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We’ve all been there your standing next to a table of drinks having a chat, when suddenly you knock a whole glass of red wine over the sofa. Good news! Don't worry a red wine spillage doesn’t necessarily mean a permanent stain if you act quickly. We will show you some of the most effective and efficient ways to get red wine out of a fabric sofa.
As red wine stains gradually seep deeper into the fabric, it is a good idea to act quickly when the spill occurs.
Here is what you'll need:
As soon as there is a spill, immediately blot (don't rub) the liquid with the clean cloth or paper towels. It is also a good idea to work from the outside in, to prevent the stain from spreading. If the stain has dried, skip this step.
If you don't have any stain remover you can use warm water and salt this will prevent the stain for setting into the fabric. A new stain will usually be diluted by the warm water and come off on the sponge, make sure you wring out the cloth and re-soak it every so often so you don't spread the stain. Once you’ve taken out as much of the stain as possible, blot dry.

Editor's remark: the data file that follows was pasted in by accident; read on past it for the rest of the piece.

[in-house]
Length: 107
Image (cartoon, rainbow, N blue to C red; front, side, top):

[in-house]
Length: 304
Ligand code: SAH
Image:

If you are struggling to remove the stain try dropping some vinegar on it and brushing it off. The acidity of the vinegar will usually help in removing the stain.
After soaking the stain with vinegar, pour a small amount of liquid detergent on it to lift away any remaining wine. Clean it off with the sponge and warm water and blot with a clean cloth.
These steps are to minimize your expenses by using readily available household cleaners to get rid of the spill quickly. If your stain is truly stubborn after the previous steps, you may want to think about purchasing an upholstery cleaner from the Guardsman amazon page or your local DIY store.
Guardsman Protection Plan
Guardsman protection has you covered for 5 years piece of mind your sofa is protected. If you don’t have a Furniture Protection Plan, Guardsman can still help! Their talented techs can carry out stain removal services, cosmetic repairs like burns to your dining table, scratched leather or a thread pull in your fabric.